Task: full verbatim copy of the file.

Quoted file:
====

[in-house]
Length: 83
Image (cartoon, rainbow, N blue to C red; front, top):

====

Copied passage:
[in-house]
Length: 83
Image (cartoon, rainbow, N blue to C red; front, top):